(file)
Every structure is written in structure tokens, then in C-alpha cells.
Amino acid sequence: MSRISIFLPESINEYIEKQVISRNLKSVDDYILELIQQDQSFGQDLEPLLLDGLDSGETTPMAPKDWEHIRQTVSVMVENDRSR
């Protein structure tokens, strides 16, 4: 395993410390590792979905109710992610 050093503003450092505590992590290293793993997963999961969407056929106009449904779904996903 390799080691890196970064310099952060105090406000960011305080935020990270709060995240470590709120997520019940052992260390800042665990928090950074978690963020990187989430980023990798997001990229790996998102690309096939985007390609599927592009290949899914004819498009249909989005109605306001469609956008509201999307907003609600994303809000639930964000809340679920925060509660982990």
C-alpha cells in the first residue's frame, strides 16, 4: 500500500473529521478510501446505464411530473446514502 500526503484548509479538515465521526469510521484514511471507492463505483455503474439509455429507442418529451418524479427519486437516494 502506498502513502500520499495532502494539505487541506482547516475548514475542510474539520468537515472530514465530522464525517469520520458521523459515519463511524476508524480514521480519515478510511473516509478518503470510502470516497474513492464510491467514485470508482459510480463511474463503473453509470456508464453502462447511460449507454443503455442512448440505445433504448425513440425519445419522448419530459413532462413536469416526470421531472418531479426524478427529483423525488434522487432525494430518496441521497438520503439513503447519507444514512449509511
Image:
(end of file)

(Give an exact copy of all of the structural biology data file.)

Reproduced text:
Every structure is written in structure tokens, then in C-alpha cells.
Amino acid sequence: MSRISIFLPESINEYIEKQVISRNLKSVDDYILELIQQDQSFGQDLEPLLLDGLDSGETTPMAPKDWEHIRQTVSVMVENDRSR
């Protein structure tokens, strides 16, 4: 395993410390590792979905109710992610 050093503003450092505590992590290293793993997963999961969407056929106009449904779904996903 390799080691890196970064310099952060105090406000960011305080935020990270709060995240470590709120997520019940052992260390800042665990928090950074978690963020990187989430980023990798997001990229790996998102690309096939985007390609599927592009290949899914004819498009249909989005109605306001469609956008509201999307907003609600994303809000639930964000809340679920925060509660982990």
C-alpha cells in the first residue's frame, strides 16, 4: 500500500473529521478510501446505464411530473446514502 500526503484548509479538515465521526469510521484514511471507492463505483455503474439509455429507442418529451418524479427519486437516494 502506498502513502500520499495532502494539505487541506482547516475548514475542510474539520468537515472530514465530522464525517469520520458521523459515519463511524476508524480514521480519515478510511473516509478518503470510502470516497474513492464510491467514485470508482459510480463511474463503473453509470456508464453502462447511460449507454443503455442512448440505445433504448425513440425519445419522448419530459413532462413536469416526470421531472418531479426524478427529483423525488434522487432525494430518496441521497438520503439513503447519507444514512449509511
Image: